Influence of Dietary Botanical Supplements on Biological and Behavioral Resilience

  • Pasinetti, Giulio M. (PI)
  • Simon, James (CoPI)
  • Murrough, James W. (CoPI)

Project Details


Summary Abstract The studies proposed in this U19 application titled “The Influence of Dietary Botanical Supplements on Biological and Behavioral Resilience” represent a cohesive program of integrated and interdisciplinary research approaches that comprehensively address the objectives and purpose of RFA-OD-19-001. In particular, the principal objective of this botanical dietary supplement research center (BDSRC) is to provide valuable insight, through both pre-clinical and clinical lines of investigation that may inform a future clinical trial designed to determine if dietary polyphenol supplements can provide resilience against stress-induced psychological impairment. We have shown through rigorous feasibility studies utilizing stress-induced models of depression that supplementation with BDPP promotes resilience to depression-like behaviors. We have identified biomolecular systems associated with immune function and neuronal activity that specific bioavailable metabolites of BDPP influence to promote resilience to stress. We note that bioavailable metabolites suppressed production of peripheral leukocytes derived inflammatory cytokines, in particular IL-6, which is important to consider given studies that find production of IL-6 is a critical response that confers susceptibility to stress. Whether or not metabolites of BDPP suppress the downstream pathophysiological effects of stress-induced IL-6 that directly affect neuron function and behavior has yet to be established. Therefore, Project 1 of this BDSRC will characterize if our botanical supplement provides resilience against physiological pathways elicited by stress that are associated with increased IL-6 activity and that confer susceptibility to the onset of depressive-like behavior. Project 1 will also identify biological targets in microglia, interneurons, and blood brain barrier cells influenced by BDPP metabolites by state-of-the-art cell-specific RNA-sequencing and imaging techniques. Project 2 will directly synergize with Project 1 by first providing an assessment of the clinical properties of BDPP, and whether they parallel those observed in rodents. We will conduct a pharmacokinetic and steady-state profile to define bioavailable metabolites found in human plasma, and to confirm the presence of metabolites that exert biological effects against IL-6 production. Project 2 will also utilize a multivariate adaptive regression splines model to identify specific metabolites or combinations of BDPP metabolites responsible for modulating IL-6 expression. In addition, Project 2 will validate plasma IL-6 as a marker of biological resilience in response to BDPP treatment by testing if BDPP promotes resilience against upregulation of plasma IL-6 in response to the Trier Social Stress Test in humans. The proposed Projects are designed and optimized to synergize with each other, and to integrate seamlessly with the two Scientific Cores. Together, this proposal offers to provide critical information of the mechanism of action and the clinical properties of BDPP and its metabolites that fill the most critical gaps in the existing body of data needed to optimally design a future clinical trial to test resilient properties of BDPP in response to stress.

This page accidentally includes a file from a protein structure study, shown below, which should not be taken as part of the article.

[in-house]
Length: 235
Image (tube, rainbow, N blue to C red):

Effective start/end date7/1/206/30/24


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